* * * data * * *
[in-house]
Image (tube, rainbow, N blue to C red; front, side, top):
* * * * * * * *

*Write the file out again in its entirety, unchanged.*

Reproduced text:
[in-house]
Image (tube, rainbow, N blue to C red; front, side, top):